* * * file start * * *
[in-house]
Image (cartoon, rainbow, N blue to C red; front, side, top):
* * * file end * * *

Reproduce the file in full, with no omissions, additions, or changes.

[in-house]
Image (cartoon, rainbow, N blue to C red; front, side, top):